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Beatrycze Nowicka, Andrzej Żądło, Bartosz Pluciński, Jerzy Kruk, Paulina Kuczyńska
Allelopathy is a phenomenon, where one species releases compounds able to inhibit the growth of other species. Juglone, 5-hydroxy-1,4-naphtoquinone, is an allelochemical produced by walnut trees. The main mode of juglone toxicity is the formation of semiquinone radicals, able to reduce O2 to superoxide. Prenyllipid antioxidants such as tocopherol and plastoquinone are important for antioxidant defense in photosynthetic organisms. Here we assess their participation in the response to juglone. The impact of 20 μM juglone on the content of photosynthetic pigments and prenyllipid antioxidants in green microalga Chlamydomonas reinhardtii was measured over an incubation period of 7...
September 21, 2017: Phytochemistry
Elizabeth S Freeman Rosenzweig, Bin Xu, Luis Kuhn Cuellar, Antonio Martinez-Sanchez, Miroslava Schaffer, Mike Strauss, Heather N Cartwright, Pierre Ronceray, Jürgen M Plitzko, Friedrich Förster, Ned S Wingreen, Benjamin D Engel, Luke C M Mackinder, Martin C Jonikas
Approximately 30%-40% of global CO2 fixation occurs inside a non-membrane-bound organelle called the pyrenoid, which is found within the chloroplasts of most eukaryotic algae. The pyrenoid matrix is densely packed with the CO2-fixing enzyme Rubisco and is thought to be a crystalline or amorphous solid. Here, we show that the pyrenoid matrix of the unicellular alga Chlamydomonas reinhardtii is not crystalline but behaves as a liquid that dissolves and condenses during cell division. Furthermore, we show that new pyrenoids are formed both by fission and de novo assembly...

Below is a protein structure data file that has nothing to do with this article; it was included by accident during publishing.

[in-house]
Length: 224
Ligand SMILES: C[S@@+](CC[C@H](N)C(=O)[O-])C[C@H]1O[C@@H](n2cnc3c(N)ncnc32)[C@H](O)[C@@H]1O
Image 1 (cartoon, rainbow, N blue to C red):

September 21, 2017: Cell
Luke C M Mackinder, Chris Chen, Ryan D Leib, Weronika Patena, Sean R Blum, Matthew Rodman, Silvia Ramundo, Christopher M Adams, Martin C Jonikas
Approximately one-third of global CO2 fixation is performed by eukaryotic algae. Nearly all algae enhance their carbon assimilation by operating a CO2-concentrating mechanism (CCM) built around an organelle called the pyrenoid, whose protein composition is largely unknown. Here, we developed tools in the model alga Chlamydomonas reinhardtii to determine the localizations of 135 candidate CCM proteins and physical interactors of 38 of these proteins. Our data reveal the identity of 89 pyrenoid proteins, including Rubisco-interacting proteins, photosystem I assembly factor candidates, and inorganic carbon flux components...
September 21, 2017: Cell
Qian Lu, Yi-Fan Bu, Jian-Zhong Liu
Astaxanthin is a carotenoid of significant commercial value due to its superior antioxidant potential and wide applications in the aquaculture, food, cosmetic and pharmaceutical industries. A higher ratio of astaxanthin to the total carotenoids is required for efficient astaxanthin production. β-Carotene ketolase and hydroxylase play important roles in astaxanthin production. We first compared the conversion efficiency to astaxanthin in several β-carotene ketolases from Brevundimonas sp. SD212, Sphingomonas sp...